Earlier today Axios reported that an Arizona couple died after taking chloroquine phosphate. Axios was particularly careful to mention that chloroquine is one of the drugs currently being touted by President Trump as a possible cure for Chinese Coronavirus.
“A man has died and his wife is under critical care after the couple, both in their 60s, ingested chloroquine phosphate,” one of the anti-malaria drugs that President Trump has mentioned in recent days, according to Banner Health, the hospital system that treated both patients.
Why it matters: People who self-medicate risk serious side effects or death, and it’s why any messaging about chloroquine and the related hydroxychloroquine should emphasize that these drugs have not been approved to prevent or treat the new coronavirus.
The story was dutifully tweeted by Dr. Dena Grayson who sure made it sound like the couple had taken the exact drug that President Trump was praising as a potential game changer.
— Dr. Dena Grayson (@DrDenaGrayson) March 23, 2020
🚫As I warned, these anti-malarial drugs are associated with potentially FATAL side effects and should only be taken under close supervision of a doctor.#coronavirus #COVID19 #chloroquine #hydroxychloroquine https://t.co/kJpG3ZFupT
— Dr. Dena Grayson (@DrDenaGrayson) March 23, 2020
What Dr. Grayson and Axios fail to mention, of course, is that the Arizona couple did not take chloroquine as prescribed by a doctor. What they took was actually a chloroquine phosphate solution designed to clean fish tanks.
Fox 10 Phoenix seems to be the only news outlet honestly reporting on this story:
Medical exerts with Banner Health are warning the public against using inappropriate medication and household products to prevent or treat coronavirus.
The warning by Banner Health comes after after an Arizona man in his 60s died from taking a substance used to clean fish tanks at aquariums in order to prevent contracting COVID-19.
In a statement released on Monday, experts emphasized that chloroquine, which is a medication used for malaria, should not be taken to treat or prevent COVID-19.
Banner Health officials say the man who died, along with his wife, both took chloroquine phosphate. The man’s wife, who was also in her 60s, is currently under critical care.
Officials say both were taken to a Banner Health hospital for immediate treatment, after they experienced immediate effects within 30 minutes of taking the substance.
Axios and Dr. Grayson aren’t the only ones misrepresenting (re: lying) this story, however. Reuters got in on the action with the ominous headline “Arizona man dies after taking chloroquine for coronavirus:”
An Arizona man has died and his wife is in critical condition after they ingested chloroquine phosphate – an aquarium cleaning product similar to drugs that have been named by President Trump as potential treatments for coronavirus infection.
The couple, in their 60s, experienced immediate distress after swallowing the drug, an additive used at aquariums to clean fish tanks, according to Banner Health Hospital in Phoenix.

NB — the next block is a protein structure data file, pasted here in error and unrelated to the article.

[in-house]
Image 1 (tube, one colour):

Chloroquine phosphate shares the same active ingredient as malaria drugs that President Trump has touted as possibly effective against COVID-19, the potentially life-threatening disease caused by the coronavirus.
To their credit, Reuters did make a passing attempt at being objective by stating in the opening paragraph that the Arizona couple ingested fish tank cleaner. That’s more than Axios and Dr. Grayson did. Of course, they did attempt to hoodwink the reader into thinking the fish tank cleaner is similar to the pharmaceutical chloroquine.
Unfortunately, saying fish tank cleaner and chloroquine are similar is kind of like saying bleach and penicillin are similar because they both kill bacteria.
The New York Times got in on the fake news action with their own misleading tweet as well.
An Arizona man died and his wife was hospitalized after officials said they ingested a fish tank additive that contained the same active ingredient as an anti-malaria drug, which President Trump has referred to as a coronavirus “game changer” https://t.co/WPZ8fazDYG
— The New York Times (@nytimes) March 24, 2020
To be clear, President Trump has not advocated that anyone treat themselves with chloroquine. He certainly has not called on people to drink fish tank cleaning solution because it’ll help keep the Kung Flu at bay.
What President Trump has said is that there is evidence-three international studies worth-that chloroquine and azithromycin taken together can successfully treat Chinese Coronavirus. President Trump is correct that such a development could very well be a game changer in the fight against Chinese Coronavirus. Which is why he has ordered human trials to begin in New York to find out whether or not this particular cocktail of drugs actually works.
What President Trump has not done is called chloroquine a cure for Chinese Coronavirus. He most certainly has not called on Americans to self-medicate using fish tank cleaner.
You wouldn’t know that if you just read the Axios article or Dr. Grayson’s tweets.
The danger is what happens if/when people believe this deceptive reporting. How many people will read the Axios article without clicking through to the detailed announcement by Banner Health? How many people will take Dr. Grayson’s tweets at face value because she’s a doctor?
What happens when these same people get sick with a potentially life threatening illness and refuse to take a potentially effective treatment because they read that it can kill you?
Will the fake news media and personalities such as Dr. Grayson be held accountable for the people who died because they believed their lies?
Somehow I doubt it.